The key to employee retention is more than perks

by Brett Henebery10 Aug 2017
According to recruitment agency Robert Half, adequate career planning, incentives for top performers, and asking for feedback, are just a few recommendations for companies to motivate, develop and retain their staff.

The company’s research has found that 37% of Australian employees said better pay would be the most important factor which would prompt them to leave their current job.

Another 28% said a better work/life balance would be the major factor in the decision to change jobs, while 12% said further career development.

This was followed by an enhanced geographic location (8%), corporate culture (8%), and the relationship with the boss and/or colleagues (7%).

However, there are other effective ways to motivate and inspire staff, and most of them have to do with psychological rather than environmental factors.

According to Tristam Brown, chairman and CEO of LSA Global, creating strong goal alignment, building trust in senior leaders, developing effective management practices and making sure employees feel valued are key to retaining staff.

Brown told ATD that leaders are responsible for creating the work environment that brings out the very best in people.

“The most effective leaders I work with (and have worked for in the past) strive to constantly inspire higher levels of performance from their teams,” he said.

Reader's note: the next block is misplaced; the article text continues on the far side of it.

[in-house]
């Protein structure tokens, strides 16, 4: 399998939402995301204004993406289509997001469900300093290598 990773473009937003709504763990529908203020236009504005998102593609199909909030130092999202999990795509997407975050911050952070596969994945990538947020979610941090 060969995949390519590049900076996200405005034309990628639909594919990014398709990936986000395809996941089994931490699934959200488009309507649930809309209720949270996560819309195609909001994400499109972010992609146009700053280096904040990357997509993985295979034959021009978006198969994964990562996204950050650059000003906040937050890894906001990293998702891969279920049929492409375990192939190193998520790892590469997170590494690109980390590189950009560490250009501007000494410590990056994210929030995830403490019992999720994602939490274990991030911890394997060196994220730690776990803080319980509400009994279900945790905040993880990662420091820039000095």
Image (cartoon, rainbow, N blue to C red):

“Simultaneously they make every effort to retain their most important employees over the long-term. Motivating employees to put forth their best effort while building loyalty is perhaps a leader’s most difficult, and yet most rewarding, challenge.”

Brown said while the desire to get the most discretionary effort from a workforce has been the same for decades, today’s rate of organisational change – combined with increased job mobility and decreased company loyalty – makes this much more difficult and important.

LSA Global’s research on best places to work shows levels of disengagement range between 50-89%.

Brown says this is a problem for leaders whose success is dependent upon the success of their teams.

“Actively disengaged workers are up to 10 times more likely to underperform and look for other opportunities than more engaged staff,” he said.

However, employee engagement is far more than a simple retention issue, Brown pointed out.

Disengaged employees produce on average 12% lower profits, 19% lower operating income, and 28% lower earnings per share.

Alternately, while their engaged counterparts report 18% greater productivity, 12% higher customer satisfaction, and 51% less voluntary turnover.

The good news, says Brown, is that employee engagement can be measured and improved.

“If leaders take the following actions to improve employee engagement, business performance can improve dramatically,” he said.

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